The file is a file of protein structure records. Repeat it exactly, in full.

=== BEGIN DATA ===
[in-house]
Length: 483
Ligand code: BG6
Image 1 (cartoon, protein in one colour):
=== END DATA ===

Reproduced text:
[in-house]
Length: 483
Ligand code: BG6
Image 1 (cartoon, protein in one colour):